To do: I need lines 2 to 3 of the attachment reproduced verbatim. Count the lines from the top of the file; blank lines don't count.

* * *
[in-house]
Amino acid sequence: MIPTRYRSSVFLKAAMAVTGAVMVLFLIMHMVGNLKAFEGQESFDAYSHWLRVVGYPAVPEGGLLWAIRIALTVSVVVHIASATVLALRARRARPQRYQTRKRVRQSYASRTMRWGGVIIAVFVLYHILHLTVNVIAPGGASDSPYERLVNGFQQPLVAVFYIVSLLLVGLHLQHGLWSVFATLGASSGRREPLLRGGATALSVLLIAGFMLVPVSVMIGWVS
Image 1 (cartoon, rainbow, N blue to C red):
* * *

Amino acid sequence: MIPTRYRSSVFLKAAMAVTGAVMVLFLIMHMVGNLKAFEGQESFDAYSHWLRVVGYPAVPEGGLLWAIRIALTVSVVVHIASATVLALRARRARPQRYQTRKRVRQSYASRTMRWGGVIIAVFVLYHILHLTVNVIAPGGASDSPYERLVNGFQQPLVAVFYIVSLLLVGLHLQHGLWSVFATLGASSGRREPLLRGGATALSVLLIAGFMLVPVSVMIGWVS
Image 1 (cartoon, rainbow, N blue to C red):